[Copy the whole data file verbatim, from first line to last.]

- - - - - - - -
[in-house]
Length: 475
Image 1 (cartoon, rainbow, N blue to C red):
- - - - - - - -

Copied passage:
[in-house]
Length: 475
Image 1 (cartoon, rainbow, N blue to C red):